On the first of my three rides along the Skyline I was hooked within about five minutes. The road has 71 roadside lookouts and traffic is never heavy. Furthermore, the people driving through the park are there to enjoy it and are generally unaggressive towards bikes – a rarity in this part of the world. My only complaint was I didn’t see any of the black bears that the park is famous for on my ride.
On the second ride, however, I more than made up for it with three bear sightings. The first one I head a russle in the trees by the road and turned my head to see the top of a bears head, which wasn’t much but enough to get me excited. The second two made it seem pretty lame though as I got to see a mother and its cub walking off down a fire trial beside the road. When I first saw the mother I thought it must have been a baby, but then when I saw the baby I realized just how small black bears actually are. I have to admit I was a little scared of seeing one up until that point, but the truth is they are almost completely harmless.
Don’t get me wrong – black bears are wild animals and are both fast and strong. However, they are also very timid and the ones in Shenandoah are very used to seeing people. Provided you don’t do anything silly like chase them around or steal their babies chances are they will ignore you (there hasn’t been a bear attack in Shenandoah in 30 years).
That final ride ended as a 100 mile 7 hour epic that involved over 3000 metres of climbing (that’s higher than Australia’s tallest mountain and about a third the height of Everest). If I can get through that I know I can beat the mountains in the Adirondacks by Lake Placid.
On my third ride I was also lucky to see another three bears. One of them was a younger one that crossed the road about 30 metres in front of me and paused briefly to check me out. It was a really magical experience and more than made up for any fatigue I felt at the end of the day.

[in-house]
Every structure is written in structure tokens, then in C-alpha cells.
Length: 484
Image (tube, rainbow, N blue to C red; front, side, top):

With the big day almost here I’d encourage you all to dig deep for the HER Foundation, who are really benefitting from the generous donations that have been made so far. If you’d like to make things interesting why not pledge a donation based on my performance in Lake Placid? You might consider donating a certain amount for every mile I complete or for every minute under 17 hours (the cut off time) in which I complete the course. Whether it’s a lot or a little, every donation makes a big difference and is truly appreciated.
Mother’s Day ended up being a very memorable experience for our family and not only because Benjamin decided to start crawling (covering about 4 feet so he could attack his alphabet caterpillar with his ferocious gums). The day began with the HER 5k, a race very close to Brynn’s and my heart given our experience with HG last year.
The day could only be better than last year’s Mother’s Day, given Brynn was in hospital fighting off an infection caused by the PICC line she had been given for intravenous feeding. That particular visit lasted five days. It was a huge contrast to see Brynn happy and full of energy this year, back to her usual self.